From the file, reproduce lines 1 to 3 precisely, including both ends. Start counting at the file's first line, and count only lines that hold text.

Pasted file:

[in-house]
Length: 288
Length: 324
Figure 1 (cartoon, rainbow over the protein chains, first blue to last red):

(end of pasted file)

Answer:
[in-house]
Length: 288
Length: 324